Thanks. The article seemed a bit confusing, though (though that might be because I'm using Google translator). I'm not sure if it was speaking out against May 1968 or if it was actually praising it. The last paragraph sort of implied that it supported the desecration of religion and morality with its claim of "blowing a lid of [sic] Puritanism and an outdated moral order." And in either case, I'm not sure it answered my question of whether the claim that all women turned out that way in that time period was true or not.
26 weeks ago
26 weeks ago Link To Comment
Zenobia was 271 A.D., right?
26 weeks ago
26 weeks ago Link To Comment
my roomate's sister-in-law makes $88 /hour on the laptop . She has been without work for seven months but last month her payment was $12416 just working on the laptop for a few hours. site here......
w­w­w.J­o­b­s8­4.C­o­M
26 weeks ago
26 weeks ago Link To Comment
This I am married and have a mistress or I have live in lover who is lover #4 is sooner or later going t lead to polygamy or its' functional equivalent.

So the whole it is private and nobodies business is pure bunk. To support the women, the children and the lifestyle, ... to support the next young thing, they are going to need sugar as in $$$ money $$$. of course these guys are all inventors, innovators or skilled engineers. NOT! so where are they going to get the money?

From crony capitalism. How do you pull that off successfully? by being in government
26 weeks ago
26 weeks ago Link To Comment
Hi Dizzy31, I'm curious; are you French or have you lived in France for a lengthy time? I'm wondering because I hope you are right. And we shouldn't be looking at the French with any air of moral superiority, either. They are just further down the stream - the same way we're headed.
26 weeks ago
26 weeks ago Link To Comment
Yes, I'm French and French people don't feel Superior ! It's just a prejudice. Most of French people remember what we owe to you since your help during the 2nd World War... The French media is the only culprits if some of French are still critical towards this Americans and it is still the media wich maintain this established fact !
26 weeks ago
26 weeks ago Link To Comment
"Sister of Rome" France was definitely equivocable in terms of moral superiority to the Vatican of Rome. Unfortunately, thanks to the Enlightenment and people like Voltaire and Rousseau, France lost that from what I've heard. Is there any way to have the French regain Christian dominance?
26 weeks ago
26 weeks ago Link To Comment
NO the French people are not without morality and without faith! Unfortunately the Power (Hollande's Government) stole them their dignity and their power to say of what they think !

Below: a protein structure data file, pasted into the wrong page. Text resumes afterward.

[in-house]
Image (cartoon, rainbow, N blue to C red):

Our media system locks completely the French opinion. Therefore, the media want to persuade us, supporting polls(soundings), that it is normal to deceive his spouse, and that the French people pay no attention to what takes place on the Elysee. Yet, inth real life, the French people speak only about that and they are shocked by this boor's attitude of the President. 97 % of the journalists are left-wingers! In France, we have no more the way to rise against the Government: it should be for the media, the 4th power, to make this work. There is a gap enter the way they treated the former president and that this! The people are not fooled anymore: Hollande lied to everybody and all the time!
26 weeks ago
26 weeks ago Link To Comment
I feel for you, DIZZY31. Pravda-type media is a growing phenomenon throughout western Europe and North America. The Internet and other media outlets have made a dent in it, but not enough. I hope that the French develop their own form of the Tea Party and UK's UKIP. I'm not sure that the National Front in France will be a solution, but I could be wrong. If you're still out there, DIZZY31, I'd like to know more of what you think.
26 weeks ago
26 weeks ago Link To Comment
Yes We have several media of re-information on the Internet as :
Riposte Laïque
Nouvelles de France
Boulevard Voltaire
Résistance Républicaine
Génération Identitaire...
They do a tremendous job to convey the truth about many problems in France. Issues related to policy or Holland/Sarkozy, Europe of Brussels, immigration, education, etc.. and denied by our politicians and the media who licks politicians' boots. They are often in lawsuits against organizations such as SOS Racisme CRAN or that do not support the French can be informed ans attack them! And yes, most of these re-information medias think that National Front is the answer for most of problems, as I.